Also in the week ahead, we'll get more housing data in the form of April new and pending home sales as well as quarterly results from homebuilder Toll Brothers (TOL). Given the mixed housing data, we'll be keying in on Toll's order and pricing results as well as its use of incentives and other potential margin detractors.
Just because it's a short week and we're moving into the "summer" mentality doesn't mean there is a lack of earnings to watch in the week ahead. Far from it. We'll continue to hear from retailers -- Brown Shoe (BWS), DSW (DSW), Michael Kors (KORS), Tiffany (TIF) and others -- as well as some technology and cybersecurity companies -- Avago (AVGO), OmniVision (OVTI), Palo Alto Networks (PANW) and Splunk (SPLK).
Given the growing attention being paid to the spreading avian bird flu that is hitting the Midwest hard, we'd recommend paying attention to Sanderson Farms' (SAFM) earnings call, as the topic is sure to be a hotbed of conversation. Donning our food-chain perspective, we've noticed in the past month that the wholesale price of "breaker" eggs has nearly tripled, while prices for wholesale large-shell eggs, like the ones you tend to buy at your grocery store, have jumped about 85% to $2.20 a dozen in the Midwest.
Those moves led Post Holdings (POST) to warn that about 25% of its egg supplies have been affected, forcing it to discontinue some product lines under its Michael Foods business. Nestlé SA -- which uses eggs for some of its Dreyer's, Edy's and Häagen-Dazs ice cream products -- said it is braced for shortages and working with suppliers to help protect hens. This has us wondering if eggs will be the new winter weather or Pacific port closure that will hit food and restaurant companies in the June and September quarters. We may be moving more into a digital society, but old-school supply-and-demand still works.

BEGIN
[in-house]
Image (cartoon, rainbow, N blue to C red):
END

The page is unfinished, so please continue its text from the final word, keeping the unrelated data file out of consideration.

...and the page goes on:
Rising water, egg, chicken and other prices will nip at consumer dollars. Imagine, however, the hit to disposable income should major insurers proposing hefty rate boosts for plans sold under the federal health law succeed. Something to keep our eyes and ears on as we move past the holiday weekend.
Below is a more detailed look at the economic data in the week ahead. For a fuller list of corporate earnings to be had over the next five days, click here to view The Street's weekly earnings calendar. Enjoy the long weekend and be sure to check back for our midweek column, in which we will dish on the first half of the trading week and other key matters and thoughts, as well as how to play it all.
Economic Calendar for May 25-29
25-May US Stock Market Closed
26-May Durable Orders
26-May Durable Goods ¿ex transportation
26-May Case-Shiller 20-city Index
26-May FHFA Housing Price Index
26-May New Home Sales
26-May Consumer Confidence
26-May Richmond Fed Manufacturing Index
26-May State Street Investor Confidence Index
26-May Dallas Fed Manufacturing Survey
27-May MBA Mortgage Index
28-May Initial Claims
28-May Continuing Claims
28-May Pending Home Sales
28-May Natural Gas Inventories
28-May Crude Inventories
29-May GDP - Second Estimate
29-May GDP Deflator - Second Estimate
29-May Chicago PMI
29-May Michigan Sentiment - Final